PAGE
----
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Winery v. Proximo Spirits

October 18, 2010


The opinion of the court was delivered by: Jennifer L. Thurston United States Magistrate Judge


(Doc. 47)

I. Background

Plaintiff, E&J Gallo filed this Declaratory Judgment Act, 28 U.S.C. §§2201-2202, action seeking 2 a declaration that Gallo's "Familia Camarena" tequila bottle and packaging does not infringe on the trademark or trade dress of "1800 Tequila." The United States' rights are owned by defendant Agavera Camichines, S.A. de C.V. and the tequila is sold by defendant Proximo Spirits, Inc. in the United States.

Defendants Proximo and Agavera moved to dismiss Gallo's DJA action, arguing that Gallo cannot establish that there is an actual controversy because the defendants have not acted to threaten Gallo or Gallo's United States' intellectual property rights. Defendants have indicated that there is no connection between them and Ex Hacienda, the entity which sent a cease and desist letter to Gallo's Mexican supplier/bottler of tequila.

Gallo contends that the defendants and Ex Hacienda are "associated" due to their relationship with "Grupo Cuervo." Gallo believes that Ex Hacienda and Agavera are subsidiaries of Tequila Cuervo La Rojena, which they contend is owned, directly or indirectly, by Grupo Cuervo. Gallo contends that the cease and desist letter sent by Ex Hacienda is part of a coordinated strategy by Grupo Cuervo which threatens Gallo's operations in the United States. Gallo's has sought the right to conduct limited discovery, before the Court determines the merits of the motion to dismiss, to determine the relationships among the Grupo Cuervo entities, including defendants, Ex Hacienda and Tequila Cuervo La Rojena and to take depositions of key witnesses.

In its August 26, 2010, order the Court found good cause to grant Gallo's request for limited discovery. (Doc. 39) The Court stayed the defendants' motion to dismiss and granted Gallo's request to conduct "limited discovery to establish subject matter jurisdiction on the relationships between the named defendants and Hacienda, and the connection between defendants and the conduct Gallo alleges to establish an actual, justiciable controversy between the parties pursuant to the DJA and Article III."

(Doc. 39 at 7)

For the reasons discussed below, the Court GRANTS IN PART and DENIES IN PART

Plaintiff's request that Defendants be required to supplement their responses to the discovery requests.

I. Background

A. Scope of Discovery

Although, generally, parties are entitled to "obtain discoveryregarding anynonprivileged manner that is relevant to any party's claim or defense" (Fed.R.Civ.P. 26(b)), at this time, discovery is limited only to the issue of the Court's jurisdiction. In essence, if Gallo can show that the action of Ex Hacienda, in sending the cease and desist letter, is attributable to defendants based upon their legal relationship to Ex Hacienda through a common "parent-company," Gallo contends that this will convince the Court that DJA jurisdiction is shown because, in that event, an actual case or controversy exists between Gallo and defendants. MedImmune, Inc. v. Genentech, Inc., 549 U.S. 118, 127 (2007).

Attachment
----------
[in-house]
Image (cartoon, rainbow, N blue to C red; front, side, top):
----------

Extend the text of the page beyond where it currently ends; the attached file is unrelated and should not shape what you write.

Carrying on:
II. Analysis

A. Gallo's Requests to Proximo

Request for Admission Nos. 1, & Interrogatory No. 6:

In response to these requests, Gallo seeks to have Proximo admit that it knew of and reviewed the cease and desist letter before it was presented to Gallo's tequila supplier/bottler and to identify everyone who knew of the letter before it was presented to Gallo's tequila supplier/bottler.

In response, Proximo denied that "any individual had knowledge in their capacity as an officer, director, or employee of Proximo" of the letter. Gallo contends that this response is not sufficient because Proximo was required to respond as to "information reasonably available to it, which includes information known to individuals within its relative control" whether the knowledge is held due to their employment relationship with Proximo.

"A corporation must necessarily act through agents, and the general rule is that knowledge of an agent acquired in the ordinary discharge of his duties for the corporation is ordinarily to be imputed to the principal." Ritchie Grocer Co. v. Aetna Casualty & Surety Co., 426 F.2d 499, 500 (8th Cir. Ark. 1970) "'Generally the knowledge of a corporate officer within the scope of his employment is the knowledge of the corporation . . .'" FDIC v. O'Melveny & Myers, 969 F.2d 744, 750 (9th Cir. Cal. ...

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